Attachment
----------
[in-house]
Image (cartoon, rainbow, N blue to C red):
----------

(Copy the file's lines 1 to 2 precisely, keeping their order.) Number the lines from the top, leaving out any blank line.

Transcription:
[in-house]
Image (cartoon, rainbow, N blue to C red):